15.  Thus, we believe that the inquirer’s initial reporting to the ethics office is consistent with Rule 8.3.  However, making a report to the internal ethics office does not automatically relieve the inquirer of the responsibility for making the report required by Rule 8.3 or ensuring that the Agency’s ethics office makes such a report when the requirements of the Rules are met.

16.  Rule 5.2(b) provides that a subordinate lawyer “does not violate these Rules if that lawyer acts in accordance with a supervisory lawyer’s reasonable resolution of an arguable question of professional duty.” The inquirer believes that a violation of the Rules that meets the requirements of Rule 8.3(a) has occurred, and the Agency apparently has not stated that the facts surrounding the wrongdoer’s conduct constitute confidential information.  Nevertheless, it is possible that the ethics office, after investigation, may conclude that the wrongdoer’s conduct need not be reported to a tribunal or other authority, or may decide that the information necessary to make a report is “confidential information” within the meaning of Rule 1.6(a).  In order for the inquirer to rely on the decision of the Agency’s ethics office in matters of professional responsibility, the question of a duty to report must be “arguable” and the resolution by the ethics office not to report must be “reasonable.”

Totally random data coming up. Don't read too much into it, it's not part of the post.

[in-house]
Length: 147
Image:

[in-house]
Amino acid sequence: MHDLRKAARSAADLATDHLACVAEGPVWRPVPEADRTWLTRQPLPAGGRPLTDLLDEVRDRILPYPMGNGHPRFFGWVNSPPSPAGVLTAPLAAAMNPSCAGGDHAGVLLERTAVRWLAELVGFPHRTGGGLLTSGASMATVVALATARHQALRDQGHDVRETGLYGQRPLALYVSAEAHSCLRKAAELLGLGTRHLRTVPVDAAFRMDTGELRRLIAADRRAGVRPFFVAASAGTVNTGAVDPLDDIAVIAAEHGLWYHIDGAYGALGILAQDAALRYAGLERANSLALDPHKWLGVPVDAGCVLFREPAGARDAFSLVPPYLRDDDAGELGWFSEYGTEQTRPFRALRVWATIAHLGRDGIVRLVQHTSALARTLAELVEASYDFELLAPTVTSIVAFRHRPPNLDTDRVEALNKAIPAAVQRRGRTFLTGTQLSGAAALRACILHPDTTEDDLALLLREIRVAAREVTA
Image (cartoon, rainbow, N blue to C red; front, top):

CONCLUSION

17.  If a lawyer for a government agency knows of a violation of the Rules by another agency lawyer, and the wrongdoer’s conduct raises a substantial question as to the wrongdoer’s honesty, trustworthiness or fitness to practice law, the government lawyer must report the information to a tribunal or other authority authorized to investigate and act on the conduct, unless the information constitutes confidential client information, and the agency does not consent to its disclosure.  If a report to a tribunal or other authority is required, the lawyer must determine if the government agency’s ethics office is a “tribunal” or “other authority empowered to investigate or act upon such violation.”  If the ethics office is not a tribunal or such other authority, the government lawyer may report initially to the ethics office of the government agency, but the lawyer may not defer to a decision by the ethics office not to report unless the reporting obligation involves an “arguable question of professional duty” and the decision of the ethics office is a reasonable resolution.

(1-17)

1 As we said in N.Y. State 635 (1992) and N.Y. State 480 (1978), the lawyer must possess a sufficient degree of knowledge of ostensibly wrongful conduct.  A mere suspicion of misconduct is not sufficient.